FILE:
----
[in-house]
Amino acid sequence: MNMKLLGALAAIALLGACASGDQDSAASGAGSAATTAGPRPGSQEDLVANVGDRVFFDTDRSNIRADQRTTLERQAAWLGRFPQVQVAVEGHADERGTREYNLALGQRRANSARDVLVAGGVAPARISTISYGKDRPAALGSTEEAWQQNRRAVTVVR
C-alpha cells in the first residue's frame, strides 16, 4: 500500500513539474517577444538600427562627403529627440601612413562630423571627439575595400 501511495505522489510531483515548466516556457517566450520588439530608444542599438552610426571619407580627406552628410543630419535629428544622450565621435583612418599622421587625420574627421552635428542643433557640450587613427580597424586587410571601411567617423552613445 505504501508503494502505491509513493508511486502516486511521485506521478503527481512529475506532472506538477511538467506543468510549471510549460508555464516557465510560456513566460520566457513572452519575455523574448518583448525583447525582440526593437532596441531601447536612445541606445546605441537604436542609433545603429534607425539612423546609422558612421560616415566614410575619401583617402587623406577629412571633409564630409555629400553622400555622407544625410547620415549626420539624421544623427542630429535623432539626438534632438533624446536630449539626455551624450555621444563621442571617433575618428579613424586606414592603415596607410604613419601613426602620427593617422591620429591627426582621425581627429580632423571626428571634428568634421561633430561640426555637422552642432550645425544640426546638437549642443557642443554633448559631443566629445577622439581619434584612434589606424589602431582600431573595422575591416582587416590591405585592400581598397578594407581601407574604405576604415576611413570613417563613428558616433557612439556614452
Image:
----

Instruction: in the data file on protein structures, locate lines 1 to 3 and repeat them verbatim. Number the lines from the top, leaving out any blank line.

[in-house]
Amino acid sequence: MNMKLLGALAAIALLGACASGDQDSAASGAGSAATTAGPRPGSQEDLVANVGDRVFFDTDRSNIRADQRTTLERQAAWLGRFPQVQVAVEGHADERGTREYNLALGQRRANSARDVLVAGGVAPARISTISYGKDRPAALGSTEEAWQQNRRAVTVVR
C-alpha cells in the first residue's frame, strides 16, 4: 500500500513539474517577444538600427562627403529627440601612413562630423571627439575595400 501511495505522489510531483515548466516556457517566450520588439530608444542599438552610426571619407580627406552628410543630419535629428544622450565621435583612418599622421587625420574627421552635428542643433557640450587613427580597424586587410571601411567617423552613445 505504501508503494502505491509513493508511486502516486511521485506521478503527481512529475506532472506538477511538467506543468510549471510549460508555464516557465510560456513566460520566457513572452519575455523574448518583448525583447525582440526593437532596441531601447536612445541606445546605441537604436542609433545603429534607425539612423546609422558612421560616415566614410575619401583617402587623406577629412571633409564630409555629400553622400555622407544625410547620415549626420539624421544623427542630429535623432539626438534632438533624446536630449539626455551624450555621444563621442571617433575618428579613424586606414592603415596607410604613419601613426602620427593617422591620429591627426582621425581627429580632423571626428571634428568634421561633430561640426555637422552642432550645425544640426546638437549642443557642443554633448559631443566629445577622439581619434584612434589606424589602431582600431573595422575591416582587416590591405585592400581598397578594407581601407574604405576604415576611413570613417563613428558616433557612439556614452